HELL IN THE PACIFIC
(director: John Boorman; screenwriters: Alexander Jacobs/Eric Bercovici/based on a story by Reuben Bercovitch; cinematographer: Conrad Hall; editor: Thomas Stanford; music: Lalo Schifrin; cast: Lee Marvin (American Soldier), Toshiro Mifune (Japanese Soldier); Runtime: 104; MPAA Rating: G; producer: Reuben Bercovitch/Henry Saperstein/Selig J. Seligman; Cinerama Releasing Corp.; 1968)
“More like a silent than a talkie.”
Reviewed by Dennis Schwartz
John Boorman (“Deliverance”/”Point Blank”) directs this experimental WWII allegorical drama about survival on a remote Pacific island (filmed on Koror Island in the Palau group) among two enemies who can’t kill each other despite wanting to; it’s a concept film consisting of two performers, unnamed American marine pilot Lee Marvin and unnamed Japanese naval officer Toshiro Mifune, who in real-life both participated on opposite sides in the war (Marvin was wounded in the battle of Saipan). The actors speak in their own language and there are no subtitles. Since Mifune can’t speak English, Boorman directed him through a Japanese interpreter–which led to a few misunderstandings. There are a lot of grunts and growls (but, believe it or not, the acting still works); it’s more like a silent than a talkie. Aside from the novelty factor and curiosity where it would lead, I found it a bit of a drag, pretentious and ultimately disappointing. It’s based on a story by Reuben Bercovitch and written by Eric Bercovici and Alexander Jacobs.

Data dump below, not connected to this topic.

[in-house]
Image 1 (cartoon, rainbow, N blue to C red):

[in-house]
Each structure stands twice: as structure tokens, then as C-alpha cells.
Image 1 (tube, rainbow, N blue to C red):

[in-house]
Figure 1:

The two enemy servicemen, in 1944, are concurrently separated from their units and find themselves on an uninhabited Pacific atoll. Their instincts are to kill each other and they fight, play cat-and-mouse games and the wisecracking American is taken prisoner as they replay the war on a personal scale until they slowly realize they need each other to survive and therefore stop short of killing each other and collaborate on a raft experience to escape the island.
Warning: spoiler in the next paragraph.
There are alternate endings. In the original version, the men are drunk and stumble upon an abandoned army camp and then go their separate ways after shaking hands. In the other version, the one I saw that was added on because of the insistence of one of the producers without the director’s approval in order to improve the poor box office (which it didn’t improve), an explosion occurs from an air raid and it ambiguously leaves us with the possibility that both men might have been killed. Neither ending did much for me.
It’s directed without a sure hand (the producers during the filming wanted to fire Boorman, but Mifune wouldn’t have it even though the director chewed him out for his performance in certain scenes). It’s easy on the eyes (the visuals are National Geographic pretty, especially those blue lagoons and the lush greens of the island) and its heart seems to be in the right place, but as first-class drama it’s just not effective.
REVIEWED ON 1/12/2007 GRADE: C+ https://dennisschwartzreviews.com/